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Sunday, 21 April 2013

Accidental information professionals: Pathways to selecting our courses
Gaby Haddow

 Why do people choose to become information professionals? This question is important to educators and to the profession more widely. For educators, it relates to how we attract students and, for the profession, it is associated with perceptions of information professionals and the value afforded to our role by parent organisations and the community. 

One of the biggest information studies schools in the United Kingdom set out to discover the career history and motivations behind their students’ enrolment in undergraduate and postgraduate courses. They found that many students described the pathway to information studies as circuitous and often related to prior experience. A love of books is still important as is the desire to work in a ‘helping’ profession. 

Using focus groups to gather their information, Simon and Taylor (2011) used qualitative methods to report their results. According to the researchers, many students had ended up enrolled in information studies ‘accidentally’.  Returning to the workforce after having a family or finding previous jobs unfulfilling were cited as reasons for turning to information studies. But importantly, this decision was influenced strongly by their experience working in an information service; a feature common to students at both the undergraduate and postgraduate levels.  Some students felt they were “born librarians”. Although the surveyed students recognised that they needed to be “multi-functioning” in an information environment steeped in ICT, many still reported a love of books led them to information work. This motivation was connected to a more general notion about the profession: that the work involves helping others to research and learn.

When the students were asked why they had decided to enrol in their degree, the students (particularly those who had been working in an information service for some time) described a feeling that their studies contributed to gaining confidence and enhancing their self-worth. For example, one student is quoted as saying “I want to do it for myself … I feel I’m capable of more than I’m currently doing”. In addition and connected, was the belief that they would advance their careers on completion of the degree and that the perceptions of their role in the workplace would improve with the professional status gained by a degree.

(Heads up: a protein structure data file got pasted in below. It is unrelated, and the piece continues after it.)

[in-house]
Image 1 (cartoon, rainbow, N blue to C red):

Some of the conclusions from the Aberystwyth study are supported by a recent Australian report Re-conceptualising and Re-positioning Australian Library and Information Science Education for the Twenty-first Century. Combes and others discussed the report’s findings for information studies students and new graduates in their paper at the 2011 International Association of School Libraries conference. They note that 50% of current students are already working in the library and information sector and one of their reasons for enrolling in a degree was to get the piece of paper that would qualify them for a library job. Encouragingly, there was a sense of optimism about the future of the profession.

How can the profession and educators use these research findings to attract students to information studies courses? ‘Accidentally’ arriving at a decision to become an information professional doesn’t suggest many strategies for marketing and ‘working with e-books’ doesn’t have quite the same ring to it (if we were to be honest about the nature of materials that our profession now manages). However, motivations relating to helping people could provide a direction for promotion and the fact that many students had previous experience in information services indicates that publicity about degree courses may be useful in those workplaces.

Simon, Anoush and Marianne Taylor. 2011. “Career History and Motivations for Choosing LIS: A Case Study at Aberystwyth University.” Library Review 60: 803-815.

Combes, Barbara, Jo Hanisch, Mary Carroll, Hilary Hughes and Aliese Millington. 2011. “Are We There Yet? Students Have Their Say about Library and Information Science Education in Australia and Twenty-first Century Learning.” Paper presented at the International Association of School Libraries 40th Annual Conference, Kingston, Jamaica, August 7-11. [This paper is drawn from the findings of the Re-conceptualising and Re-positioning Australian Library and Information Science Education for the Twenty-first Century report]

This article first appeared in the InCite, April 2013

Gaby Haddow is Chair of the ALIA Research Committee, Dept. of Information Studies, Curtin University

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